# HOW TO USE THESE FLASHCARDS

```HOW TO USE THESE FLASHCARDS
These flashcards are designed to help you to prepare efficiently in the
run-up to the Course M exam of the Society of Actuaries. They include
conceptual ideas, key formulas and techniques for efficient problem
solving. The Course M Examination has a number of problems that
require first principles reasoning as well as a fair amount of computation.
So don’t look at the lists of formulas as simply being memorization work.
There are often simple intuitive ideas that underlie the formulas as well as
basic mathematical reasons why they are correct. Strive to understand
and learn the key relations from these points of view and your knowledge
will not be the superficial type that may collapse under the stress of
taking the examination. The more that you understand, the easier it
becomes to retain the key ideas and write them down quickly and
accurately.
We have designed the flashcards so that they can be carried conveniently
and read frequently in the final run-up to the exam, eg when commuting
to work. We hope that you will personalize them by adding your own
comments and notes, and checking each section when you feel confident
with the material covered.
You will probably also find these summaries useful when you are at the
stage of working through the past exams. If you see a particular point
being examined that is not summarized here add it to these flashcards.
Let us know if you find some key ideas that are missing.
Page 2
© BPP Professional Education: 2005 exams
SURVIVAL MODELS
X is the random lifetime of a newborn. There are a number of
equivalent ways of specifying the distribution:
1.
The probability density function: f X ( x ) . It is not a probability,
but f X ( x ) dx ≈ Pr ( x ≤ X ≤ x + dx ) .
2.
The distribution function: FX ( x ) = Pr ( X ≤ x ) is the probability
that the death of a newborn life occurs by age x.
3.
The survival function: sX ( x ) = Pr ( X > x ) is the probability that
a newborn life is surviving at age x.
4.
The life table: lx is the expected number of survivors at age x
from a group of l0 newborn lives.
5.
The force of mortality: µ ( x ) is an instantaneous measure of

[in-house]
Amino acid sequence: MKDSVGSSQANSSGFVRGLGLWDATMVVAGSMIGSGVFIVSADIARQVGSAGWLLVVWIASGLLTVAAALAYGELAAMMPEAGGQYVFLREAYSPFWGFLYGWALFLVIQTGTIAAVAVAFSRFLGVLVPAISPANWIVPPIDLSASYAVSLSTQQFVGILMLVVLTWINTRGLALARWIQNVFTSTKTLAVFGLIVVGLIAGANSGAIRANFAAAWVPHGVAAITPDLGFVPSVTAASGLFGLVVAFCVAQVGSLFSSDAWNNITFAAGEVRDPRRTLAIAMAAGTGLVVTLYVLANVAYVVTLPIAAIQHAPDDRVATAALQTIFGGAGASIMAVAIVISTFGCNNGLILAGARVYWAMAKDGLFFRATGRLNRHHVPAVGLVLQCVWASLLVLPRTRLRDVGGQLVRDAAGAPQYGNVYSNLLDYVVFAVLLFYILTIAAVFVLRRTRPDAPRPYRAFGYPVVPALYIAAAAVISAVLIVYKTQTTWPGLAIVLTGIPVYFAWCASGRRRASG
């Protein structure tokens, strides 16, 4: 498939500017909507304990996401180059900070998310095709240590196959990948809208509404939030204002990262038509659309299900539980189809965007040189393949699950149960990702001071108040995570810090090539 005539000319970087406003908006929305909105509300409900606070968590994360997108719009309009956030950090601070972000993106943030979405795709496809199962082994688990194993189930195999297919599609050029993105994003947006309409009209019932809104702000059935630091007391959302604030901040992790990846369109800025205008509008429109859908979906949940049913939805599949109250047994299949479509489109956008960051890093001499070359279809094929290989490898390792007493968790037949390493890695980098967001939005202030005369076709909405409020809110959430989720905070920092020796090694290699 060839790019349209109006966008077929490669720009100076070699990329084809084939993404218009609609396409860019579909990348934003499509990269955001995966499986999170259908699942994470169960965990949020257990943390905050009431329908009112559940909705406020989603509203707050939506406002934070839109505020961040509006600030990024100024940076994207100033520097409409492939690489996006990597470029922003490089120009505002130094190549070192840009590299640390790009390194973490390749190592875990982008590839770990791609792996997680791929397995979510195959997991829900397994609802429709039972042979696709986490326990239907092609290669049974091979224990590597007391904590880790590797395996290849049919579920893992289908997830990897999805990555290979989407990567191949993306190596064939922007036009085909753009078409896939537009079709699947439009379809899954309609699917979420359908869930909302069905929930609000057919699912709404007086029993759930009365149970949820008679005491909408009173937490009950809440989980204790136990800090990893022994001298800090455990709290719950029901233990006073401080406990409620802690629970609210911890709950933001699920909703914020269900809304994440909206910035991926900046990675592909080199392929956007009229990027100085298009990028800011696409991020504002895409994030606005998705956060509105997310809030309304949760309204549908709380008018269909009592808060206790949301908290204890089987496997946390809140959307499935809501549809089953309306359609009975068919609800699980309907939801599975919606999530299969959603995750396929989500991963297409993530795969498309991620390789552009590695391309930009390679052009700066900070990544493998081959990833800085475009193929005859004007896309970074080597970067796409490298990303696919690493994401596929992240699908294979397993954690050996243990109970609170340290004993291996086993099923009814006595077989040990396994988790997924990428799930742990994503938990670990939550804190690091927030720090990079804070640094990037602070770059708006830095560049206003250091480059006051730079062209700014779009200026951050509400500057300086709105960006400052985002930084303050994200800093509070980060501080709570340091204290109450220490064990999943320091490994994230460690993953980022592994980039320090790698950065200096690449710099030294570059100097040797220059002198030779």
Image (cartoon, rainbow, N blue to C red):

mortality at age x.
Key properties and relations for the pdf and cdf
1.
FX ( x ) is continuous and non-decreasing with FX ( 0 ) = 0 and
FX (ω ) = 1 .
2.
f X ( x ) is non-negative and continuous (or possibly piecewise
continuous) on  0 , ω  .
3.
Relations:
FX ( x ) =
x
∫0
f X ( y ) dy
f X ( x ) = FX′ ( x ) (where it exists)
b
Pr ( a ≤ X ≤ b ) = FX ( b ) − FX ( b ) =
f X ( x ) dx
a
∫
© BPP Professional Education: 2005 exams
Page 3
SURVIVAL MODELS
Key properties and relations for the survival function
1.
sX ( x ) is continuous and non-increasing with sX ( 0 ) = 1 and
s X (ω ) = 0 .
2.
Relations:
′ (x)
sX ( x ) = 1 − FX ( x ) and f X ( x ) = − sX
sX ( x ) =
ω
∫x
f X ( y ) dy
Pr ( a ≤ X ≤ b ) =
b
∫ a f X ( x ) dx = sX ( a ) − sX ( b )
Key properties and relations for the life table function
1.
lx is the expected number of survivors at age x from a group
of l0 newborn lives.
2.
lx = l0 sX ( x ) is continuous and non-increasing with lω = 0 .
3.
sX ( x ) =
lx
l0
Key properties and relations for the force of mortality
1.
µ ( x ) is non-negative and piece-wise continuous.
2.
µ (x) =
3.
fX ( x )
sX ( x )
=−
′ (x)
sX
l′
= − ln ( sX ( x ) ) ′ = − x
sX ( x )
lx
(
 x

sX ( x ) = exp  − ∫ µ ( y ) dy  and
 0

sX (ω ) = 0
4.
µ ( x ) ⋅ ∆x ≈ Pr ( X ≤ x + ∆x | X ≥ x )
5.
Shortcut: µ ( x ) = c
Page 4
p′ ( x )
p (x)
)
ω
∫ 0 µ ( y ) dy = ∞
 p (0) 
⇒ sX ( x ) = 

 p(x) 
in order that
c
© BPP Professional Education: 2005 exams
SURVIVAL MODELS
Standard actuarial notation and relations
1.
( x ) denotes a life currently age x
2.
n px
is the probability that a life age x will survive to age x + n